The potential environmental consequences of shifts in UK energy policy that impact on electricity generation

Geoffrey P Hammond, Aine O'Grady

Research output: Contribution to journalArticle

Abstract

Internationally, there has been a move by nations to decarbonise their electricity systems in an effort to tackle rising territorial emissions. No consensus has been fully reached on best approach, which has led to significant divergence in energy policy between countries and a consequential lack of long-term clarity. Additionally, recent UK policy failures, in terms of stimulating greater energy efficiency and encouraging energy innovation, highlight the huge challenge involved in developing and achieving a low carbon future. Steps to decarbonise electricity whilst also providing a secure and affordable supply, can lead to varying life-cycle environmental consequences. A UK research consortium developed three pathways to explore this move to a more electric low carbon future out to 2050. These pathways have been previously evaluated in terms of their life-cycle energy and environmental performance within a wider sustainability framework. Over the course of the project, greater understanding of the generation technologies and the functionality of the overall system under the different regimes were gained. Here, the environmental consequences of the most recent version of the pathways are presented on a life-cycle basis from ‘cradle-to-gate.’ Thus, the environmental impact of technological trends in UK energy policy and their effect on the pathways are explored through a series of sensitivity analyses. The three UK energy futures incorporating ‘disruptive’ technological options were examined based on the phase out of coal use in favour of gas-fired power, ranging penetration levels of carbon capture and storage, and the allocation and fuel type used for combined heat and power. Recommendations are proposed to help frame future energy policy choices in order to limit the environmental consequences of future electricity systems.
Original languageEnglish
Pages (from-to)535-550
JournalProceedings of the Institution of Mechanical Engineers Part A: Journal of Power and Energy
Volume231
Issue number6
Early online date24 Oct 2016
DOIs
Publication statusPublished - 1 Sep 2017

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Energy policy
Life cycle
Electricity
Carbon capture
Carbon
Environmental impact
Energy efficiency
Sustainable development
Innovation
Coal
Gases

Cite this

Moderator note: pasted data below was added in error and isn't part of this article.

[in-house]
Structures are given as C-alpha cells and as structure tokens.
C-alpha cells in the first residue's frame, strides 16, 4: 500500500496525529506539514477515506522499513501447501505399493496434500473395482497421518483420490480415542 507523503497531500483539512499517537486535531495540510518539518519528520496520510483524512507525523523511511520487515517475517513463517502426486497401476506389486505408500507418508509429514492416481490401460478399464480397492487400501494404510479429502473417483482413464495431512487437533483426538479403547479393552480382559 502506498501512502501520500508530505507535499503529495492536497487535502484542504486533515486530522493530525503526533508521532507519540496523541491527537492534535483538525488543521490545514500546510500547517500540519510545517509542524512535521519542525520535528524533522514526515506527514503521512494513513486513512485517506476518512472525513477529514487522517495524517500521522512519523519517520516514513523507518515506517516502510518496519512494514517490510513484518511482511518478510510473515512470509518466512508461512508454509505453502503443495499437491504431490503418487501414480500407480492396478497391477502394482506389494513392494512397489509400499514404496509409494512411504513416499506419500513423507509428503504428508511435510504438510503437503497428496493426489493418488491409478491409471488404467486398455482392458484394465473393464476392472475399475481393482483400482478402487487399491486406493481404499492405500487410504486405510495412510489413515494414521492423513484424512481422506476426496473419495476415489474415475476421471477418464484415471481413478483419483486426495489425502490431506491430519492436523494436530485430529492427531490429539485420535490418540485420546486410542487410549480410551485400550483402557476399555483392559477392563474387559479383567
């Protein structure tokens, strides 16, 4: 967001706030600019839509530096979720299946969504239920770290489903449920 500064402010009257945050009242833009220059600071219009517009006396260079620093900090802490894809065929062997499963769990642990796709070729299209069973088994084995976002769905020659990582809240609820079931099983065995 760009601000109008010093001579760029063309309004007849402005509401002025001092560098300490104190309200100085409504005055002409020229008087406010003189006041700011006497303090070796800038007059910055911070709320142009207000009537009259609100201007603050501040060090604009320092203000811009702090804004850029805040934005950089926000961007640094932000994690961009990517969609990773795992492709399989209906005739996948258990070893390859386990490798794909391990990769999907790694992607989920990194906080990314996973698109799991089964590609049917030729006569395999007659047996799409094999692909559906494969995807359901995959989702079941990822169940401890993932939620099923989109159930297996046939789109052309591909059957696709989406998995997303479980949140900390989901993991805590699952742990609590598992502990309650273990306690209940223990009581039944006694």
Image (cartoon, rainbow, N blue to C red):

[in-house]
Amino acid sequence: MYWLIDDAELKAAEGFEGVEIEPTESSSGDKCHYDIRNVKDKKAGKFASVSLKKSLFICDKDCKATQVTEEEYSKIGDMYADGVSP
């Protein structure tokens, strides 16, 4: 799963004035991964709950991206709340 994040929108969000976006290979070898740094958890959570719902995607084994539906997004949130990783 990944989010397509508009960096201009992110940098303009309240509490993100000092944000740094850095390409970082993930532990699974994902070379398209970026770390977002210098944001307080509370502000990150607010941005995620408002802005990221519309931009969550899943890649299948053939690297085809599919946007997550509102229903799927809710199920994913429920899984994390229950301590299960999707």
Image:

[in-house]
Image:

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abstract = "Internationally, there has been a move by nations to decarbonise their electricity systems in an effort to tackle rising territorial emissions. No consensus has been fully reached on best approach, which has led to significant divergence in energy policy between countries and a consequential lack of long-term clarity. Additionally, recent UK policy failures, in terms of stimulating greater energy efficiency and encouraging energy innovation, highlight the huge challenge involved in developing and achieving a low carbon future. Steps to decarbonise electricity whilst also providing a secure and affordable supply, can lead to varying life-cycle environmental consequences. A UK research consortium developed three pathways to explore this move to a more electric low carbon future out to 2050. These pathways have been previously evaluated in terms of their life-cycle energy and environmental performance within a wider sustainability framework. Over the course of the project, greater understanding of the generation technologies and the functionality of the overall system under the different regimes were gained. Here, the environmental consequences of the most recent version of the pathways are presented on a life-cycle basis from ‘cradle-to-gate.’ Thus, the environmental impact of technological trends in UK energy policy and their effect on the pathways are explored through a series of sensitivity analyses. The three UK energy futures incorporating ‘disruptive’ technological options were examined based on the phase out of coal use in favour of gas-fired power, ranging penetration levels of carbon capture and storage, and the allocation and fuel type used for combined heat and power. Recommendations are proposed to help frame future energy policy choices in order to limit the environmental consequences of future electricity systems.",
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